It may not happen today, or tomorrow, but the coming textbook wars will be massive, if quietly so. Why? The world of educational publishing is enormous; it is much bigger than you might imagine. It dwarfs, for example, the feeble trade publishing market. At the turn of the last decade, Pearson’s educational arm alone brought in more revenue than all other publishers, with the exception of education-driven Reed Elsevier. That’s just the arm that produces textbooks and other educational material. Frankly, when we talk about publishing as a whole, what we say makes little sense unless we’re talking about textbooks and educational publishing.
Enter Amazon. It announced this week that it will launch a new arm of its Kindle Direct Publishing service, one that will “help educators and authors easily prepare, publish, and promote eTextbooks and other educational content for students to access on a broad range of devices.”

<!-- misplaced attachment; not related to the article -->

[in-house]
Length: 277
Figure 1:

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Amazon and Apple’s sought-after “democratization” of textbook production could alter education irrevocably in the coming years. And these developments may affect academic publishing more rapidly, as it’s an industry whose strengths are also its market weaknesses. The peer review process that lends academic publishing much of its prestige also requires slow, painstaking analysis. Add to this the brute fact that many university presses are run primarily to mitigate losses: this means they pay little to authors and sometimes fail to keep up with developments in a given field. You can see the appeal, in theory, of Amazon’s DIY platform.
Link to the rest at Flavorwire